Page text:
The animals are fed. The chores are done, but I still bet that I forgot something! I guess the next thaw will show the hoses, tubs or even my rain gage, that I forgot to empty. :o
Filed under: November 2014 | Tags: calves, cordwood, old man, Small Farming, snow storm
November 12, 2014
I went down to the pasture to check on the cattle and the new babies. When I got there, they checked me out. Well, maybe it was the dogs who were being watched, but the little one was not missing a beat.
Have you heard, the first snow of winter is supposed to hit us in the next few hours. It feels as every creature here knows that it is coming. The cats were curled up much of the day in the straw. The piglets pushed their bedding into a big pile and were stacked like cordwood underneath it. The horses have big appetites and the young sows, like the piglets, have fluffed their bed for the night.
I had trouble trying to pick corn with the picker. It is simply too muddy in one field. In the other field, I managed to slip a chain off a gear in the worst part of the machine possible. I will repair it, but believe I will start picking the corn by hand. The little bit I did gather in looks very lonely in the crib. The rest stands in the field, braced for the storm, hopefully it will stand up to the wind and weight.
I worked on firewood for much of the last two days. I just don’t get as much done as I did when I was younger. I don’t get it. I’m just as tired at the end of the day as when I was young, but when I look at my progress, there is much less. This afternoon, I even took a nap! I know that I have laid a lot of ground work, so when the wood starts coming out there will be plenty. I guess I will celebrate then. For now, I will wait and watch for the snow storm, make repairs and keep my chainsaw ready….it will work out…it always does!
November 10, 2014
Yesterday morning, we had a new calf born. He is a big little guy. He is doing well and had no trouble finding the dinner plate. Yesterday afternoon, I went to check on him. What I found was something I had not seen before. There in the meadow, in a clump of grasses, the little boy was resting. His mom and dad were licking his head and body. Sure, I’ve often seen moms attending to their babies, but to see our big old bull tenderly licking his son, was awesome!
I don’t know why I found it so amazing. I love my children and worry about their safety. I check in with them often and follow their progress on their life journey. Some, I watch from afar, but I do watch and worry and celebrate every little thing. Last night, I held my youngest grandson for a while. He grinned and cooed and delighted me to my core. So, I guess as I think about it…big old bulls can be tender to their offspring :o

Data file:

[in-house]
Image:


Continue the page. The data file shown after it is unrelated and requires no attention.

As I think about it, all of the men in my life are like my bull. My dad, grandpas, uncles and my great grandpa too, watched after and looked out for me. They still do. I don’t remember them licking my head, but there was no doubt how they felt about me. I will go out on a limb here and say that no matter what separates a man and his son, love conquers all.
A parent’s love is like no other. It is neat to see your children become parents…then they start to understand many , many things. We even become wiser….. well… at least we become older :o
Filed under: November 2014 | Tags: chores, Compost, horses, Small Farming, soil, winter
November 9, 2014
It’s that time of year. The horse pasture is finally depleted. The horses will now eat and sleep indoors. Their paddock will be just a place to enjoy the sunshine and romp playfully. My chores double at this time, but my horses make it worth it. I enjoy that time in the evening when they are in clean stalls, happily munching their hay. It is very peaceful to me. It calms my very soul.
I get a wheelbarrow a day of straw enriched manure from each horse. This is the foundation for our farms fertility. The straw and manure get mixed with soiled bedding from the other animals and stored to heat and rot. The compost feeds the soil. The soil, eventually feeds us. The cycle of life can be seen in the simple job of keeping pens and stable clean and bedded.
Our borrowed boar went home yesterday. He jumped into the trailer as if he knew more ladies were waiting for him at home. My gilts are gestating comfortably, as we wait for the coming piglets. This morning, another new calf was born. I am glad he came before the coming weeks looming storm. It sounds like winter will blow in by the end of the week.
We have been swamped by rain over the last week, but we are going to try to pick corn Monday and Tuesday. The ends and edges have been picked for a couple of weeks. The horses and corn picker should be able to travel and turn without knocking down any corn. Now, if we can just navigate the mud!